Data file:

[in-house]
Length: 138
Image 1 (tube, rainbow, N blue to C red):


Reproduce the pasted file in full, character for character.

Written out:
[in-house]
Length: 138
Image 1 (tube, rainbow, N blue to C red):